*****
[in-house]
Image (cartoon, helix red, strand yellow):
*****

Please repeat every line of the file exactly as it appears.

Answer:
[in-house]
Image (cartoon, helix red, strand yellow):